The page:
Exploring Rukiya Camp & Wild Rivers Nature Reserve, South Africa
There are distinct advantages to spending a week at a safari camp in a private nature reserve. At Rukiya Camp (located near the town of Hoedspruit, South Africa) these benefits included waking up to incredible wildlife sightings less than 50 feet from the front of our luxury safari tents.
In addition to game drives within the Wild Rivers Nature Reserve, we got a chance to visit several private game reserves nearby, where we saw Lions, Cheetahs, Elephants, Rhinos and more. There was also a chance to help Project Rafiki with Spotted Hyena conservation, and to learn about Leopards from INGWE.
All in all, our time at Rukiya Camp proved to be one of the most memorable aspects of our South African Wildlife Conservation Experience. Here’s a look at a few of the reasons why Rukiya ultimately proved to be my favorite safari camp I’ve ever visited…
The Setting at Rukiya Camp
Rukiya Camp offers proof that, when it comes to lodging, location is everything. It’s set right on the beautiful banks of the tranquil Blyde River, near its juncture with the Olifants River. You’re surrounded by well-shaded riverine forest, which stays lush and green even during the dry season (when we visited). The dynamic peaks of the Drakensberg Mountains loom large on the horizon, making for stunning sunset drives through Wild Rivers.
The camp is basically brand new: Co-owners Conraad Loubser and Lily Jackson had it constructed late last year and opened in April 2016. The decor when you walk in the lobby is simple yet tasteful, with comfortable couches all around the open heart fireplace and traditional African art sprinkled throughout. The dining room table and chairs (where our group of 14 would gather for all meals) are all made sustainably from wooden pallets.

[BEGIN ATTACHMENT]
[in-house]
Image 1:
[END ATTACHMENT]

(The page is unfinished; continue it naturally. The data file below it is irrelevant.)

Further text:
Their 6 luxury tents (including two large enough for families) are surprisingly plush, with hot running water, flushable toilets, hardwood floors, and electricity and Wifi available 24 hours a day. There’s a fan for when days get too warm, and hot water bottles for when nights get too cool. Their beds proved so comfy and cozy, I slept better than I usually do at 4-star hotels.
Arguably my favorite features among Rukiya’s Camp’s amenities were the infinity pool and the gorgeous deck and railing, which were made from recycled wood and driftwood. We’d spend most of our afternoons sitting outside on the lounge chairs, soaking in the stunning scenery and the peaceful tranquility of being at one with nature.
Wildlife Around Rukiya Camp
The photo at the beginning of this story should give you a pretty clear idea of just how close the camp is to the banks of the Blyde River. Fortunately, there are large trees on the ground to clearly mark how far back from the edge you should stay while viewing the wildlife that congregates around this vital water source.
Every morning we would wake up early and head down to the river to see what we could see. Every afternoon when we returned to camp for lunch, we would do the same. Rarely did the wildlife sightings disappoint.